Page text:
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DIY Built-In Shelf Wall

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If you have a spare wall, and you have the manpower and tools necessary, I want you to know that making and installing your own built-in shelves is 100% possible. There’s no denying the custom designed look it gives to a room, and there’s no arguing with the ample storage and decor space it opens up for possibility.

When we were transforming Liza Koshy’s home office, the room was so petite that there wouldn’t be much space for furniture or storage, so we crafted up this custom built-in shelf wall and utilized the vertical space in the room to really enhance the design! Follow along with the steps below to learn how to build and install shelves just like these! As with all DIYs that involve using power tools and mounting things to walls, if you don’t know what you’re doing, don’t try it. Phone a friend who has the correct skills!The wall before!We started with a base of two cabinets and installed a desk above them, then built up from there. See the tutorial for this desk hereThe measurements will (obviously) be different for your wall, but you can follow the geometric design we created for Liza with the image above!Prep It (for each individual shelf):

Three pieces appleply (two the same size, for the top and bottom of the shelf; one the same length, but thinner. This will be the front of your shelf, so it should be the height of the 2×2 wood plus the combined heights of the two appleply pieces.)
6 pieces 2×2 wood (one the length of the appleply minus 4 inches, one the length of the appleply minus 8 inches, two the width of the appleply, two the width of the appleply minus 2 inches)
Power drill
Screws
Pocket hole jig
Level
Stud finder (optional)
Wood glue
Pin nailer

Do It!:

  1. When creating a built-in wall shelf like this, always start with the vertical pieces, then add in the horizontal shelves after.
  2. For this project we used appleply, which is a finished wood material, but you can use unfinished wood of your choice and apply your own finish!
  3. To build the shelf, start by attaching the shorter of the 2×2 pieces (the piece the length of the appleply minus 8 inches, and the two pieces the width of the appleply minus 2 inches) to one of the appleply pieces with wood glue, then screwing through the wood into the appleply using a pocket jig. Make sure they are centered, and create a [ shape.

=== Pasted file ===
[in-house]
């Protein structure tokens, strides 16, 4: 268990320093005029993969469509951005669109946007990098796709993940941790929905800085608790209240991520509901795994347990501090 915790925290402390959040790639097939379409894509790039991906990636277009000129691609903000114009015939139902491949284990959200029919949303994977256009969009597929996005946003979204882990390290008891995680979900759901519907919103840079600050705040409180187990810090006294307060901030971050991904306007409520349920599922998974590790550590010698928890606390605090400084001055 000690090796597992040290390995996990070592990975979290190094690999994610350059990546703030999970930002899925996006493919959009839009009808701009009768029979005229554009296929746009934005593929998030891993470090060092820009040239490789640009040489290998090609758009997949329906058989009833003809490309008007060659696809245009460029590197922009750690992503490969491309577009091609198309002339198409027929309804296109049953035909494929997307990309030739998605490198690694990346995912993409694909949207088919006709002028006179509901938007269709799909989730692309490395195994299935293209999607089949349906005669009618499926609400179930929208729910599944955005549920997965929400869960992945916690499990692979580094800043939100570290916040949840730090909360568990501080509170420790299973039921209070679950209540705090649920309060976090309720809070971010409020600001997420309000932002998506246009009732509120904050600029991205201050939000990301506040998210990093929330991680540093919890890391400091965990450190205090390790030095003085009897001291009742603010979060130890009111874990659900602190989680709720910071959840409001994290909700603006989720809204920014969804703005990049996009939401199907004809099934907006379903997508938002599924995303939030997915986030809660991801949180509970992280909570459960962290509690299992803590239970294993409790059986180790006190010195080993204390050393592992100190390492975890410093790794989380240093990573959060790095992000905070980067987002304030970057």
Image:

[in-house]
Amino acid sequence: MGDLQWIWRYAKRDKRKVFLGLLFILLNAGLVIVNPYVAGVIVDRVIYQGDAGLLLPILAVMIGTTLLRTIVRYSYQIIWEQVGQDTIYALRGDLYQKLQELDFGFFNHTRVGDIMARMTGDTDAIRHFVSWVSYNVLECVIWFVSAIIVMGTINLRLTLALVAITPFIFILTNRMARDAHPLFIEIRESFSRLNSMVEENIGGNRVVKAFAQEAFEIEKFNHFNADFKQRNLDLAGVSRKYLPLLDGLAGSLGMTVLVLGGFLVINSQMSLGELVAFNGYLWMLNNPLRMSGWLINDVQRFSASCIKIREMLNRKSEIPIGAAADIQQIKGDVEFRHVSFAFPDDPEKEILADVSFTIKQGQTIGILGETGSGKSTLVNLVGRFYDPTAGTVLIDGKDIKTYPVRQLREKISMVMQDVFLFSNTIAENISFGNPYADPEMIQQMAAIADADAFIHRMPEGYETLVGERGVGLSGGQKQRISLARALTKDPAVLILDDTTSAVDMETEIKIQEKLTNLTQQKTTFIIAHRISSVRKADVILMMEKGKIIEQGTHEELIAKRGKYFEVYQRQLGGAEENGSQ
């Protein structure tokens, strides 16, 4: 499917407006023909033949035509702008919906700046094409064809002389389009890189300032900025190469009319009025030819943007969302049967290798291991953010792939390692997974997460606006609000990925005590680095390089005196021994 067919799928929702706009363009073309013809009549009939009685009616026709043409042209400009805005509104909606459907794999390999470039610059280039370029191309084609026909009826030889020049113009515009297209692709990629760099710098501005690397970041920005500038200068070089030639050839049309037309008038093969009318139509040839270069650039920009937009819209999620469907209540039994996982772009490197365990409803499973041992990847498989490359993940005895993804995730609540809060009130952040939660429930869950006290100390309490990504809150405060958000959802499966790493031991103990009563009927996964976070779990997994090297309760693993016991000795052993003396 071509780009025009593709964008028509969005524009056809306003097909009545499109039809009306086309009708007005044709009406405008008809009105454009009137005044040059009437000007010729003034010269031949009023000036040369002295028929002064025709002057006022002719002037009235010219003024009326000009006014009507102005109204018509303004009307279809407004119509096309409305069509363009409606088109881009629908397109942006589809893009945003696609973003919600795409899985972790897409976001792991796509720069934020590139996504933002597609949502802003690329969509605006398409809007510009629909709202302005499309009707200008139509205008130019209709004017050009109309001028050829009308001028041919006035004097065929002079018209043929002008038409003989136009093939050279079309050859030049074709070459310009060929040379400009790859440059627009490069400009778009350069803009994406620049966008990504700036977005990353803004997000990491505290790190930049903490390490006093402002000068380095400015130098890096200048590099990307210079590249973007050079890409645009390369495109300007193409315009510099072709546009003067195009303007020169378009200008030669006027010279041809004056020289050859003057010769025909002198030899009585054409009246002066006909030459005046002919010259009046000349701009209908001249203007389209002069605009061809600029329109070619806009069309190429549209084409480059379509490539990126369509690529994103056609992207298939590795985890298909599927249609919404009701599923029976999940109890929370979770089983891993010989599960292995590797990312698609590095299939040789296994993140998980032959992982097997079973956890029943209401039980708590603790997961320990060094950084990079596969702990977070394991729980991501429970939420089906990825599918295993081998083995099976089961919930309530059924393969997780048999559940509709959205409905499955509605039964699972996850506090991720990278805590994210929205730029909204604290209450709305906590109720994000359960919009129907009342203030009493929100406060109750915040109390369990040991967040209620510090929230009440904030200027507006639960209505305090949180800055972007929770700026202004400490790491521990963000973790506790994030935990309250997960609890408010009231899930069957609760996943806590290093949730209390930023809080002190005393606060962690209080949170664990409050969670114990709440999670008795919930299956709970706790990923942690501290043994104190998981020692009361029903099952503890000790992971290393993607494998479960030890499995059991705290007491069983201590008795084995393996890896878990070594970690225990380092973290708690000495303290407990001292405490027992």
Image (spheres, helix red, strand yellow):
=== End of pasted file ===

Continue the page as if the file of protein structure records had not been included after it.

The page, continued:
4. Attach the thinnest piece of appleply over the 2×2, to create a front to the shelf with wood glue, then screwing from the wood into appleply.
  5. Line up the other piece of appleply over the shelf you’ve created and attach it on top with wood glue and a nail gun (nailing into the 2×2 pieces).
  6. Find the studs in the walls and screw the other 2×2 pieces onto the wall. Making sure everything is level, start with the longest 2×2 (the one the length of the appleply minus 4 inches) and then attach the two pieces the width of the shelf on either side, facing out in a ] shape.
  7. Slide the shelf onto the wood pieces onto the wall and secure into place with a nail gun, nailing the shelf to the the larger 2×2 pieces on the wall.
  8. To build horizontal shelves off of the vertical shelves, attach the 2×2 pieces coming out from the wall (the ones the width of the shelf) to the shelf and to the side wall. This will ensure that the shelves all line up and that there are no gaps.
  9. Follow the geometric layout we created for Liza, install just one shelf, or configure a built-in system that works best for you! Once you have the correct measurements and method of building and installing a shelf down, the possibilities are numerous.


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